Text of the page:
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Keywords:

  • Graft survival;
  • late acute rejection;
  • long-term outcomes;
  • patient survival

Mycophenolate mofetil (MMF) used in a triple-drug regimen has been shown to decrease acute rejection rates, compared to a double-drug regimen. The impact of MMF on late acute rejection (LAR) episodes has not been well described.

To investigate the risk of LAR (rejection ≥6 months post-transplantation) data from the Scientific Registry of Transplant Recipients (SRTR) were used. We studied adult primary liver transplant recipients transplanted between June 1, 1995, and April 30, 2004, with hepatitis C virus (HCV) (n = 3356), hepatitis B virus (HBV) (n = 550) or a nonviral (n = 5740) primary cause of liver disease who were recorded as receiving continuous 3-(MMF + Tacro + steroids) versus 2-drug (Tacro + steroids) therapy for at least 6 months immediately post transplantation.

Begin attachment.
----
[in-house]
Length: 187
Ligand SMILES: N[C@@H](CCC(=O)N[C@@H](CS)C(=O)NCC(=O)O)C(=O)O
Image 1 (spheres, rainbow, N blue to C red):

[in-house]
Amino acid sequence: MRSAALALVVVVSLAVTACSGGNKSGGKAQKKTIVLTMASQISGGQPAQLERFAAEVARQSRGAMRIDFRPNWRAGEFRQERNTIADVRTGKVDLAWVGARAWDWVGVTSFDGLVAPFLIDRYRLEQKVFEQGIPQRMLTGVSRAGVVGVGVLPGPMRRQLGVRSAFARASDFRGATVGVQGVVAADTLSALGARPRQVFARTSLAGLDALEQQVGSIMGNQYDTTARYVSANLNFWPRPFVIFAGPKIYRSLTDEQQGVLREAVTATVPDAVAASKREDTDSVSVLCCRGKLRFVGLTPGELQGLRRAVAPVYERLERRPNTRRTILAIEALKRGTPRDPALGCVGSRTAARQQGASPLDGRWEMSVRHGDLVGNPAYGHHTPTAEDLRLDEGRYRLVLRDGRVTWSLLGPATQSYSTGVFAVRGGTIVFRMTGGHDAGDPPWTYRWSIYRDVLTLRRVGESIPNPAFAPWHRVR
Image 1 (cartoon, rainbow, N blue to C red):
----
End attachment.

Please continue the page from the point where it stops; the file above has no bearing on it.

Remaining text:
Kaplan–Meier analysis showed significantly lower LAR rates 4 years post-transplant in 3- versus 2-drug HCV, HBV and nonviral disease patients. Multivariate regression confirmed 3- versus 2-drug therapy to be associated with a decreased risk of LAR. Late graft survival was significantly lower at 4 years post-transplant for patients with LAR 6–12 months post-transplantation versus patients with early rejection (78.0% vs. 87.0%, p < 0.001) and no rejection (88.1%, p < 0.001).

Three-drug versus 2-drug therapy for a minimum of 6 months may offer a better treatment strategy to avoid the consequences and expense of LAR episodes.